David Bruce: The Funniest People in Sports, Volume 2: 250 Anecdotes — Contracts, Couples, Courage, Crime

Contracts

• Red Auerbach started coaching the Boston Celtics in 1950 and almost immediately made a terrible mistake—he didn’t want to draft Holy Cross guard Bob Cousy, whom he called “a “local yokel.” Fortunately for the Celtics, Mr. Auerbach got him and signed him to a contract anyway. The Chicago Stags owned the rights to Mr. Cousy, and when they folded, Celtics owner Walter Brown pulled Mr. Cousy’s name out of a hat and won the rights to him. Mr. Cousy’s passing ability made the Celtics a respectable team and, after center and defensive genius Bill Russell joined the team, he played a very important role in winning their early championships.

Couples

• When basketball player Chris Mullen was drafted by a California team, the Golden State Warriors, he had to move far from his home and girlfriend in New York. Fortunately, he was making a lot of money as a professional basketball player, so he and his girlfriend could afford to talk on the telephone for hours. Both of them liked sports, so sometimes they both tuned into the same game on ESPN—she in New York, and he in California—and talked on the telephone as they watched the game together. Eventually, Mr. Mullen and his girlfriend, Liz Connolly, got married.

• Babe Didrikson remained single for a long time. One day, a reporter noticed a diamond ring on her finger and asked her about it. She replied, “Bought it myself. It was a diamond I wanted, not a man.” Later, she married George Zaharias, who was twice as big as she was, and got bigger—he ate sticks of butter the way other people eat bananas. The marriage was mostly happy, although when they quarreled she was not above buying a tiny convertible that her sometimes-400-pound husband could not fit into.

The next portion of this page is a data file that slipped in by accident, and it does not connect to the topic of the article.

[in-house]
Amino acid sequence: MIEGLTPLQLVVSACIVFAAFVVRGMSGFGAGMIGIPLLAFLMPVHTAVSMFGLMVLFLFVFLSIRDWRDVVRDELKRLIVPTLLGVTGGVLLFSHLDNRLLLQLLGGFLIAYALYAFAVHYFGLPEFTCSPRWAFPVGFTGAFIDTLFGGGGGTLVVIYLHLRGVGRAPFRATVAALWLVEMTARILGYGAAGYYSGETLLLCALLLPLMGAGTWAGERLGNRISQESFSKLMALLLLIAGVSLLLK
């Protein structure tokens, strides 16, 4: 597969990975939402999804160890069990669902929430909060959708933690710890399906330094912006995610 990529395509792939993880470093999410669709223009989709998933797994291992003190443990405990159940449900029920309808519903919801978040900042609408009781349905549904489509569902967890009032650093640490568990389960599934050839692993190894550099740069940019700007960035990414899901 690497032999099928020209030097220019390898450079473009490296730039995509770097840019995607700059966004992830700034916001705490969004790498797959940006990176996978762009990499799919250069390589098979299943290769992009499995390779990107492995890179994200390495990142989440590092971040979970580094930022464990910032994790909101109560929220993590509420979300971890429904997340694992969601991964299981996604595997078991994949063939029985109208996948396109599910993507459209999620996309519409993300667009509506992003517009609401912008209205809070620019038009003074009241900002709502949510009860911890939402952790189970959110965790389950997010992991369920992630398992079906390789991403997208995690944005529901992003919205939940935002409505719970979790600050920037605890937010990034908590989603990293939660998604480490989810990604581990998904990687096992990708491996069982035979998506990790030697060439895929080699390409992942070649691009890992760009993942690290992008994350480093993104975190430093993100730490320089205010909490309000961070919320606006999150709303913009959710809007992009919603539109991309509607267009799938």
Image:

Courage

• As an elite figure skater who competed internationally as an amateur, even winning a gold medal at the 2002 Winter Olympic Games, Sarah Hughes had to show strength and determination; however, some things are impossible to do the first time. For example, she thought about getting her hair cut before the 1999 World Championships. She even walked into the hair salon and listened to the snip-snip-snip of scissors—then got cold feet and walked out without getting her hair cut. But for the 2000 World Championships, she decided to go through with it. All the time that the stylist was preparing to go snip-snip-snip, Sarah was thinking, “If I don’t like it, it will grow back. If I don’t like it, it will grow back. If I don’t like it, it will grow back.” Fortunately, she liked the shorter, sassier, more grown-up haircut—and so did the judges and the fans.

• For a while, basketball player Chris Mullen of the Golden State Warriors had a drinking problem. It took courage for him to admit that he had a problem and to do something about it, but Mr. Mullen did. In 1988, he missed some games to go into an alcohol rehabilitation program, and he worried about what the fans would do when he returned to playing. He shouldn’t have worried. The fans gave him a standing ovation when he returned, and he responded with 10 points, six assists, four rebounds, and four steals in 23 minutes to lead the Warriors to a 102-100 home victory over the Utah Jazz.

Crime

• Muhammad Ali signed autographs for a long time one day, and later he discovered that someone had picked his pocket—someone had taken $5,000 from his coat pocket. His manager lamented the loss, but Mr. Ali was philosophical about it, saying, “I don’t care about that money. The person who stole it probably needed it for their rent or to feed their children. That money will help someone, and that makes me feel good.”

• When Oscar De La Hoya was a young boxer with a growing reputation, he was mugged by five men carrying guns. They stole his wallet and his money. However, a few hours later, the wallet and money were returned to Mr. De La Hoya’s house. The toughs had seen his ID, learned whose wallet they had stolen, and out of respect for him had returned his wallet and money.

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Copyright by Bruce D. Bruce; All Rights Reserved

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